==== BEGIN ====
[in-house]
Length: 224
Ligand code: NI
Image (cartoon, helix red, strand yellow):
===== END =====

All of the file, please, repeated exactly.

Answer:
[in-house]
Length: 224
Ligand code: NI
Image (cartoon, helix red, strand yellow):